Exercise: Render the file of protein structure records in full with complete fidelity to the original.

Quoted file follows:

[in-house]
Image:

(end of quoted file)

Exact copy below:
[in-house]
Image: